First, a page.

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News from Memphis: FBA Immigration Law Seminar reveals latest immigration updates

The Federal Bar Association's Immigration Law Seminar that was held from Thursday, May 16 until Saturday, May 18, was an overwhelming success. The staff of government speakers, renowned immigration lawyers and law professors gave attendees insight and knowledge that is rarely assembled under one roof.

Here are some key take aways from the conference:

Driving while intoxicated:

The Department of Homeland Security and the Department of State, DOS, are taking a hard line approach to DWI convictions. If an applicant has more than one DWI conviction, dos is taking the position that the applicant is a "habitual drunkard" and will need medical clearances before a visa is approved. If the visa application is made within 5 years of a DWI conviction or if there are 2 arrests in the last 10 years, DOS is requiring a mandatory assessment to a DOS physician. How to overcome this? The applicant should be evaluated by his own physician first with a prepared report explaining why the applicant is not a "habitual drunkard." A course of treatment should also be outlined to address any relapse concerns.

Noncitizens who are criminally prosecuted:

Since the advent of Padilla v. Kentucky it is incumbent on criminal defense lawyers to advise noncitizens of the immigration consequences of a plea, prior to the noncitizen pleading guilty to an offense. Sadly, In Chaidez v. Holder, the Supreme Court recently held that Padilla is not retroactive. This means that noncitizens with federal criminal convictions that predate the Padilla decision (March 30, 2010), cannot have their convictions vacated for ineffective assistance of counsel. Chaidez left open two issues. First, whether state courts can interpret their state constitutions more broadly than the Supreme Court interpreted the federal constitution and Second, whether Padilla would be retroactively applied when a lawyer gives affirmative misadvice.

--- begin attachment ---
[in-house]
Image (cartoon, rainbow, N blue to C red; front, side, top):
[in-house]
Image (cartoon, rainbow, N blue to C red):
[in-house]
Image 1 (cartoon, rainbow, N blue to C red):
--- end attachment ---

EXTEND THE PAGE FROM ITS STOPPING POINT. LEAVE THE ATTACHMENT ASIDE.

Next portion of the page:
How are courts generally addressing Padilla concerns? During the conference Judge Fowlkes from U.S. District Court, Western District of Tennessee, spoke on a panel with me and commented that most courts are now having the judges themselves give Padilla warnings associated with a plea. Judges want to do everything they can to assure the finality of a plea that will not be open to challenges later on.

Gang asylum cases:

Besides immigration reform, this was the hottest issue during the conference. If you compare homicide rates with Mexico and the United States, you will find an overwhelming spike in the number of homicides in Mexico in the last 5 years. Even though courts have not adopted gang recruitment cases as a basis for asylum, the trend will soon be to recognize this particular social group given the realities of what is happening on the ground in the countries in question such as Mexico, Central American countries and Ecuador.

Immigration reform:

Immigration reform looks like a certainty. One government official said it is like a runaway train that cannot be stopped. We will keep the follower of this blog up to date on the latest developments. One positive sign is that back taxes may only have to go back 3 years. This will make it a lot easier for people to register once registration begins.

I hope you found this helpful. We will be happy to answer any questions you may have related to this article or any other immigration question.

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